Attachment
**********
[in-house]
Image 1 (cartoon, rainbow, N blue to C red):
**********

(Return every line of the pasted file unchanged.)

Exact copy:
[in-house]
Image 1 (cartoon, rainbow, N blue to C red):